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Flowers, S.Software failure: management failure. Amazing stories and cautionary tales. Chichester, New York, etc.: John Wiley, 1996. 197pp. ISBN 0-471-95113-7 19.99

As long ago as 1975 Henry Lucas wrote a book called, Why information systems fail but it seems that it takes a long time for us to learn the lessons, hence this book, which looks at specific cases of information systems failure, mainly in the UK.

Flowers embarks on a task similar to that which Lucas set himself, but with the advantage of many more years in which systems failed, failed at enormous expense, and failed, in some cases, catastrophically. Readers in the UK will be familiar with such disasters as the London Ambulance Service's computerised despatch system, which after a week of intermittent use:

...slowed down and then locked up altogether. Attempts to reboot the system failed to correct the problem and, when the backup system failed to cut-in, the control room staff had no alternative but to revert to a fully manual paper-based system. (p.74)

and with the case of the Wessex Regional Information Systems Plan, which failed after spending at least 43 million and which became a national scandal that has probably put back the development of effective information systems in the National Health Service for a decade, since everyone is now terrified of becoming 'another Wessex'.

However, entertaining though these stories of failure may be, Flowers's purpose is more serious: it is to derive from the failures some general understanding of why information systems fail. In the final chapter he develops the concept of critical failure factors and shows, quite conclusively, that there is more to failure than systems failure: indeed, that the causes of failure lie as much with failures of management and project direction as with the software.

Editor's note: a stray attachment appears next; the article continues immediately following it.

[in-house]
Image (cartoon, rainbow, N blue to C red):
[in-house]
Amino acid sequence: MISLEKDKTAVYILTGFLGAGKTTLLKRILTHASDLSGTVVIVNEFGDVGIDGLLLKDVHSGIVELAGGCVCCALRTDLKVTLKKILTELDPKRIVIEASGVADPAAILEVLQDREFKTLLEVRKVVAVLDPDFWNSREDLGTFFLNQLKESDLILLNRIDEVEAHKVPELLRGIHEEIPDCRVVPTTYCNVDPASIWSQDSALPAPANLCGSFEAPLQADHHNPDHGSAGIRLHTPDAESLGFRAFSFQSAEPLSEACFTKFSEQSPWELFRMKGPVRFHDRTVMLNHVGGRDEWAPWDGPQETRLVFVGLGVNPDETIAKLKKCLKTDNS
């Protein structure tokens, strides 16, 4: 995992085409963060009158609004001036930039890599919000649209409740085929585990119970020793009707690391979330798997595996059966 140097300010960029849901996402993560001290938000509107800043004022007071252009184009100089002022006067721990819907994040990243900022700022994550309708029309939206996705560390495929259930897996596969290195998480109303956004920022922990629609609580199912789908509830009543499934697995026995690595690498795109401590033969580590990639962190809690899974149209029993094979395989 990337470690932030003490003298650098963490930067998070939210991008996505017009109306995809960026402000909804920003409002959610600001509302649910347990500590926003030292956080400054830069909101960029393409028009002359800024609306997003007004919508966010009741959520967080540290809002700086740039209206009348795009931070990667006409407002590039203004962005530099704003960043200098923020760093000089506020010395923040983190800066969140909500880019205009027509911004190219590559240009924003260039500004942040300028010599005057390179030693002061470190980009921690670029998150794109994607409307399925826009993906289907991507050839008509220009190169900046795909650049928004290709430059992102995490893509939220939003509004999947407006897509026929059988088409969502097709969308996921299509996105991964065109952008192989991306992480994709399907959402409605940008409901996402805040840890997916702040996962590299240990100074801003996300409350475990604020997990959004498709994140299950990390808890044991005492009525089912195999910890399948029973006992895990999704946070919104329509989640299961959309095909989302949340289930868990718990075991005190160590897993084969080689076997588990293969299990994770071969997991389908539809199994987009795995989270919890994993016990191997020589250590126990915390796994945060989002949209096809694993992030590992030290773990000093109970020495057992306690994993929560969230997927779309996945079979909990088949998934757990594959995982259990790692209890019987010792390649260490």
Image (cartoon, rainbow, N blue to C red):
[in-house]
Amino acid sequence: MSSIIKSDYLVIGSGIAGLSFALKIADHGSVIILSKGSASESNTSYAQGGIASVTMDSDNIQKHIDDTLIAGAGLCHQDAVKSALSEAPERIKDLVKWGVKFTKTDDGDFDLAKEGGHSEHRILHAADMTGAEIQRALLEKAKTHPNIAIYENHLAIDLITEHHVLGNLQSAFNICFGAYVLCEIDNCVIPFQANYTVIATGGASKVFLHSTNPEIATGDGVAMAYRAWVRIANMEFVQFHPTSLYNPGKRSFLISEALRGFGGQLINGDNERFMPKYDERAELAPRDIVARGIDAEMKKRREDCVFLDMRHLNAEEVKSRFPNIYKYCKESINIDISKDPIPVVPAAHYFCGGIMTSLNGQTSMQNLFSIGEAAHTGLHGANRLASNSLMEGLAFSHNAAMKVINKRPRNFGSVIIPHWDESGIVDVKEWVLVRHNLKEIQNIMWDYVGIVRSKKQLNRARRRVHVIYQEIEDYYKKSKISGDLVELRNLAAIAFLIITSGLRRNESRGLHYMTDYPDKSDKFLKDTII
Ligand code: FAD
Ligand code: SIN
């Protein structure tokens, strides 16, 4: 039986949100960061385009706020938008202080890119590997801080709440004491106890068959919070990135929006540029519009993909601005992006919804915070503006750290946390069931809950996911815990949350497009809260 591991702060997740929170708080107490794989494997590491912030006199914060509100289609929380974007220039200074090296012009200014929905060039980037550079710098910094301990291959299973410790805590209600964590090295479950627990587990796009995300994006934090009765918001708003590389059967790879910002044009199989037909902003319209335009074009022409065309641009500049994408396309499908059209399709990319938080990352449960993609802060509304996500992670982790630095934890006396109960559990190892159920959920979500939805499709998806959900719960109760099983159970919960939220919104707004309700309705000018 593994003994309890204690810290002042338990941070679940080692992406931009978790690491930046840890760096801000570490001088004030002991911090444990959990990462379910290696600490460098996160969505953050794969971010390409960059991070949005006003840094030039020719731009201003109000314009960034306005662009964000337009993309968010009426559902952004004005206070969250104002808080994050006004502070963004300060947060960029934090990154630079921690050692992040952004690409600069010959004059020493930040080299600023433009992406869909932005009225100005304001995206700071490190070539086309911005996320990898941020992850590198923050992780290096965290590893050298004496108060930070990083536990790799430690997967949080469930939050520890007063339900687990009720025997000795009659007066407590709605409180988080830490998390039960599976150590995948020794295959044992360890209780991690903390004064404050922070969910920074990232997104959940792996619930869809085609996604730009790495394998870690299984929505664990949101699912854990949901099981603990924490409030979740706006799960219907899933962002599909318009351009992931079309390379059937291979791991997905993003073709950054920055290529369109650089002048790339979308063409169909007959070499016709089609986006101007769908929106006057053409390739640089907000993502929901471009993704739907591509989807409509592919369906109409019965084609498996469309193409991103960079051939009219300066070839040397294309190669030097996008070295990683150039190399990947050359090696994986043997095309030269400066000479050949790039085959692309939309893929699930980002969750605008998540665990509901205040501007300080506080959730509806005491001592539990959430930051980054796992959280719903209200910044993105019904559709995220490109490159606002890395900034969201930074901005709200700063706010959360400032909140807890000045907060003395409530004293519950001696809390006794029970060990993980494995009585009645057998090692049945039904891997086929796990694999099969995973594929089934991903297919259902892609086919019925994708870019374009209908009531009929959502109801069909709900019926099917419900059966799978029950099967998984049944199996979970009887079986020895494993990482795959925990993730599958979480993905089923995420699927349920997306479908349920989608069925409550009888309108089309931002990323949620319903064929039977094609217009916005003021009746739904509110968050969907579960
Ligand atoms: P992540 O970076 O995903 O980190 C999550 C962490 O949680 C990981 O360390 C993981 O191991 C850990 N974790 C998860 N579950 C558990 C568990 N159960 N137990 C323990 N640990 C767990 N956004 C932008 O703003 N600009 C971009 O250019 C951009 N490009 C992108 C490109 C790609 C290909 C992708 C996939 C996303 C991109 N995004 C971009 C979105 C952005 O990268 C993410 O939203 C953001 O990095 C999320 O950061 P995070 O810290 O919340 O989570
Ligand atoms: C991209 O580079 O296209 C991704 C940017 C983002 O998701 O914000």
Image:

A number of factors appear to interact in allowing failure to recur:

  • senior management's lack of understanding not only of the technology but also of the general systemic nature of their organizations - the lesson that technological change means organizational change and cultural change is difficult to learn;
  • the pressure of time, particularly in public sector organizations, where spending the money before the end of the financial year can result in too little attention to project definition and control;
  • a failure to begin the process of systems definition with an organization-wide participative process of defining the needs, identifying the existing systems and their problems, and preparing staff (and management) for change;
  • a failure to invest in planning the project within the organization, and buying a 'solution' instead.

I have been working recently with two public sector organizations that are trying to overcome these problems and, at the very least, the methods employed, training workshops, participative needs definition, for example, can reveal the complexity of the issues to senior management and encourage a cautious approach to systems development. Cautious means slow, but better a slow and successful implementation than a quick fix that fails.


Prof. Tom Wilson
Publisher/Editor-in-Chief